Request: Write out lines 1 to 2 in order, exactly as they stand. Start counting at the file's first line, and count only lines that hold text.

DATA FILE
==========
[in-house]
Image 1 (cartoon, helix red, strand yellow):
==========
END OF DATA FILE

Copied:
[in-house]
Image 1 (cartoon, helix red, strand yellow):